MAKING SHORT FILMS HAS NEVER BEEN EASIER

Making short films has never been easier. Cameras are smaller, lighter, less expensive and easier to use. A home PC and an inexpensive programme is all you need to edit, compose music and add sound and digital effects.

Film CD cover illustrates how Making short films has never been easier.

Jess Murphy in Greta May – Photo: Alex Atwater

Films can be uploaded on YouTube and a host of streaming sites. If you wants to take the process to its ultimate conclusion, digital light processing and liquid crystal display home cinema projectors can turn the living room into a movie house. Anyone can do it. The problem is, when anyone can, everyone is.

All films start with the script. As with writing a novel or a prize-winning short story, to stand out in the crowd, to create something memorable, it’s all in the writing. Writing may be intuitive to children and poets, but movies, plays and narrative require an imperceptible structure just as the body requires its unseen skeleton. The more structure is understood and respected, the better the result; the more enjoyable the story to the reader, listener or viewer. Structure is like the pegs and clamps tapped into the rock face. You still have to plot your own course up the mountain, but it’s those footholds and handholds that help you up – and save you if you fall.

Making Short Films Discipline

Through the years I’ve been making a living as a freelance journalist and ghostwriter, my guilty little secret has been writing short stories, the most tricky of genre, juggling sentences like flaming torches, searching for the right word (usually the simplest and shortest), cutting and cutting again. It is only then that you appreciate with the intuition of the poets that the secret of good writing is crossing out almost every word you’ve written and stripping the flesh to the bone like some sadist with a willing masochist, both alters of the disciplined writer.

When I wrote my first short film, I found the process oddly similar to writing a short story. Both require brevity, nuance, subtlety, an awareness that what’s not said is often more telling than what’s said…her eyes tended to glaze when her husband brought home stories of life in the accounts office where he had worked for the last 17 years. We see the whole of the couple’s relationship in one simple sentence; in one script note.

Short stories can be daring, a stream of consciousness abandoned rather than finished. But the best stories give the reader a cerebral charge with an audacious beginning that stampedes them through a breathless middle to a satisfying conclusion that should achieve two goals: to be what the reader expects (boy gets girl) but not in the way they had been expecting (the girl is in prison and he must wait three years for her to get out).

Making short films – as well as features – is a collaborative effort, the writer just one of the team who brings home the finished product. The producer, director and leading lady are all going to pull your script to pieces and force you to look at what you’ve written from the other side of the screen, from the audience point of view. You are forced to explain yourself, something the writer hates to do, but it is only when you go back to analyse a story in this way that you see the faults and deal with them.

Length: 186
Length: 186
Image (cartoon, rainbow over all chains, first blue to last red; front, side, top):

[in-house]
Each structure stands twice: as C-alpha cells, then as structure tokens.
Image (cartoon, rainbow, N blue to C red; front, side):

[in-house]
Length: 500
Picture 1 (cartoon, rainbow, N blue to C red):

Greta May

Fired up with a new sense of discipline, I went back to the file of rejected short stories and worked on them again, concentrating on structure rather than the writing itself, the choice of words, the alliterations, all those sexy things that make writing a pleasure. Resubmitted, often with new titles born from the re-writes, the stories started to get accepted with greater frequency.

One of my stories I adapted for the short film Greta May, which I directed and included as one of five short films studied in Making Short Films: The Complete Guide From Script to Screen. I wouldn’t have been able to write a book of this nature without having written and directed Greta May, and I wouldn’t have been able to have adapted and directed Greta May without working on that short story. The tasks are all slightly different and what I discovered, or rather more fully appreciated, was that as a creative writer, you have to be multi-skilled, multi-disciplined – and most of all you have to be self-disciplined.

Making Short films has never been easier with Book Jacket of Making Short Films illustrating this face.Making Short Films: The Complete Guide from Script to Screen Ed 3, written with Max Thurlow, is  a course book at the University of New South Wales, Australia, and a required text in more than 70 media colleges in the United States including UCLA. Published by Bloomsbury, it takes filmmakers on a 90,000 word journey through the entire process from writing a short to getting films shown at festivals. The book contains 80 photographs and the Eight-Point Guide to story structure that can be applied to short stories as well as short films.

Making Short Films is available from bookshops and Amazon.

Greta May is on YouTube – do leave a comment!

Enjoy Georges Méliès 1902 Le Voyage Dans la Lune (A Trip to the Moon)

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